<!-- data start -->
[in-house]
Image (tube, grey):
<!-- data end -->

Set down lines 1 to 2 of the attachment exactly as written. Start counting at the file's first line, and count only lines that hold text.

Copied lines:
[in-house]
Image (tube, grey):